• Engaging snapshot of product is unmissable
  • Two clear buttons providing two options for users; ‘Free 30 day trial’ –> clicks through to a web form OR ‘Take a tour of the software’ provides an in-depth look at the product.

Moz homepage

  • Below the fold is a more subtle link to an informative showcase video.
  • There are three chunks of content with buttons inviting users to ‘Explore our Tools’; ‘Explore our Resources’ or ‘Explore our Community’. CRO ALERT - These buttons are all identical in terms of aesthetics – would they benefit from being different colours? Test it via MVT!

Moz homepage footer

What else the site does well…

The Free Trial page is delightfully laid out:

  • Clear instruction – ‘Start your free trial in three easy steps!’ and the user is left with no confusion regarding the price – ‘Moz Analytics is free for 30 days, then just $99/month.’
  • The web form contains large and inviting field input areas and straightforward billing options. There is also a secure payment verification badge to relay any fraud anxieties that often cause users to hesitate rather than buy.
  • Clear FAQs are present on the same page, and are sticky so remain on the all-important right hand side of the page when scrolling.

Moz homepage signup form

  • Also, there is an excellent CTA on the form submit button – ‘Start my Free 30-Day Trial’, although I would love to run a test on colour and size – and indeed CTA – on this button to make further improvements.

Moz submit button

Another area that would be great to test and improve is the number of web form fields. Having run many similar and hugely successful tests in the past, I would be confident that are carefully considered test variation would increase conversion rate of signups  - amalgamate first and last name fields and add in a postcode finder function to increase usability speed further are just two elements that would make for an interesting test.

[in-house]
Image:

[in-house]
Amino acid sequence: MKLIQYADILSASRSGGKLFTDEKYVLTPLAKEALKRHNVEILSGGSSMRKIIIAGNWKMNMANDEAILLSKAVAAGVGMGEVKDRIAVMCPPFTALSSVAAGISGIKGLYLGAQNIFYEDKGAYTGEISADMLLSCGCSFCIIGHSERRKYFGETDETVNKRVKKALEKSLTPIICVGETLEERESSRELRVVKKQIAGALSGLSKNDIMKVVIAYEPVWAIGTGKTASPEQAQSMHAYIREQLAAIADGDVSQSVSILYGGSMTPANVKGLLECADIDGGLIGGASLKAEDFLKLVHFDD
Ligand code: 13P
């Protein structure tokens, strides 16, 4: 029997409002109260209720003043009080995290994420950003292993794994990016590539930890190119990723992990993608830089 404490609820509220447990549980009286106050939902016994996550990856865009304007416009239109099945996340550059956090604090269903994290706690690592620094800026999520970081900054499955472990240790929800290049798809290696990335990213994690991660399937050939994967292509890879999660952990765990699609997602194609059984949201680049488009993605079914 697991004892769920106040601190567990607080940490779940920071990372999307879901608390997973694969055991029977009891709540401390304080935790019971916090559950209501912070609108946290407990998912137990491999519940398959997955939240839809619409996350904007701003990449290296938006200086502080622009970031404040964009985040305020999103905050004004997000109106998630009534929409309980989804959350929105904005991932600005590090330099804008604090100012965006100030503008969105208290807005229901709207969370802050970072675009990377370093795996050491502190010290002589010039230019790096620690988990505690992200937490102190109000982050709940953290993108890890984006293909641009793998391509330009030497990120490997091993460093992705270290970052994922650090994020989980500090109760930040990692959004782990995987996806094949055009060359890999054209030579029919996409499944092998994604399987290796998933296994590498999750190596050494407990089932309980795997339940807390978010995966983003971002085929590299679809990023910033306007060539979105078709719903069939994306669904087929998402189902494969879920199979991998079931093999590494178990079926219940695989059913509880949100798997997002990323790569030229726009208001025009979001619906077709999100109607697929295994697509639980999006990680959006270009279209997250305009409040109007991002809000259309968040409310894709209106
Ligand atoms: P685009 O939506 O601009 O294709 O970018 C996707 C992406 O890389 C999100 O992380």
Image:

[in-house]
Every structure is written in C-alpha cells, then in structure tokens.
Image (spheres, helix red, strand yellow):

Products Page

  • Effortlessly effective nav displaying clear links to Tour, Pricing, Why Moz and Tools and Data. visible link to excellent video about Moz and showcasing the product effectively.
  • It’s human nature to always ask ‘what’s in it for me?’ Again, Moz answer this with a fantastic value proposition: ‘The only marketing analytics software that gives you all your inbound marketing data in one place, beautiful data visualizations over time with custom reporting, competitive insights to help with research, and actionable recommendations to improve your performance.’

  • Clear Start My Free Trial button – you can’t miss it, yet it isn’t offensive and is incredibly clickable.

Moz products page

  • Scrolling on this page – and indeed this site – is a delight as the informative content is displayed beautifully, with texture, colour and graphics that sells itself in its best light.

Moz products page scroll

  • The payout line is so simple, yet so clever: Welcome to Better Marketing. Welcome to Moz with the user once again presented with the Start My Free 30-Day Trial button and a link to the Take The Tour page

Take The Tour page

The Tour page showcases the product in an innovative and ingenious way that very few websites can execute.

Moz tour page

  • The 3D imaging of the page as a physical object allows the user to buy into the notion that this is a ‘thing’ that they are buying, not a bit of software that they may use – at least that’s my perception of it.
  • The map pins provide further detail and a close-up of the product in a simple, yet beautiful way
  • The left hand menu is clear and clickable

What could the site do better?

At first glance, not a lot! But there are a multitude of tests that could improve conversion further, including the aforementioned button tests and web form test. There are no visible signs that CRO is taking place, so get testing – or better still, send for an expert. Ahem…

As the winner of this week’s CRO Site of the Week, Moz have won some cr@p from the CRO drawer – look out for a package in the post!

Drawer Crap